Diagnosing & Treating Poison Ivy & Poison Oak Online
Poison ivy and poison oak are plants that often form rashes if you come in contact with the plants. It’s smart to remember this motto: “Leaves of three, let it be.” Both plants grow in leaves of three, so if you can remember this line, hopefully you can avoid the pesky plants!
Here are a few tips on how to avoid poisonous plants:
- Cover up all exposed areas of skin with your clothing. Wear closed-toe shoes, socks, long pants, long sleeves and gloves
- Steer clear of areas where you know they grow
- If you get exposed, wash your skin with soap and warm water right away. If you can get the plant’s oils off of your skin within the first hour, you might help to limit the rash
- Scrub under your nails. You can spread the rash if the plant’s oils are still on your hands
- Wash your gardening tools, sports equipment, etc. with soap and water
You try your best to utilize the above tips and avoid the poisonous plants, but you still get the rash. You can help with relief and treatment by using:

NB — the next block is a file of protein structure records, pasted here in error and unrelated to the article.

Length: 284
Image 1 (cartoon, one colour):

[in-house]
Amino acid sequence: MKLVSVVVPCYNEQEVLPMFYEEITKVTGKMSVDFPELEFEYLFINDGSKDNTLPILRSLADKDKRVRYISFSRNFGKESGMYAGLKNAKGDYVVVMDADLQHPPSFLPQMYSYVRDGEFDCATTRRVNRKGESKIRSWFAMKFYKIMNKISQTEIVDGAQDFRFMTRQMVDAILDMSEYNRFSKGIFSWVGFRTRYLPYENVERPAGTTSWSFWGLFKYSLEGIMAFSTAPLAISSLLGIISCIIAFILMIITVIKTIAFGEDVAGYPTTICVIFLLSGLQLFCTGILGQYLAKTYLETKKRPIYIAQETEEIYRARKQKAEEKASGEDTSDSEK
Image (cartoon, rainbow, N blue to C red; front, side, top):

- A cold compress
- Calamine lotion directly on the rash
- Non-prescription hydrocortisone cream
- Antihistamines to ease the itching
You and your online doctor can help determine the severity of your poison ivy or poison oak and what type of treatment is needed, or if a referral to a specialist is required. With our video capabilities, you can bring your phone, tablet or desktop with video close to the outbreak, so your provider can get a clear view. Your diagnosis will be based on the physical exam, duration, severity of symptoms and your medical history.
Our platform has an image upload feature that is extremely helpful for both providers and patients. With this feature, our physicians can get a precise, detailed look at your rash before the visit even begins. This feature is also very useful to see how your rash has progressed. If your poison ivy or poison oak rash has been present for a few days and you have a picture from the first day, it is helpful for our providers to see the comparison. If your outbreak is on your face, this feature is specifically useful for those that wear makeup – you can take a picture when you have a clean face, save it and upload before your visit! For best results we recommend pictures be taken in bright, natural light, close to the rash and from a few different angles. If you can give a size perspective, like laying a dime near the reaction, this can be extremely helpful, as well.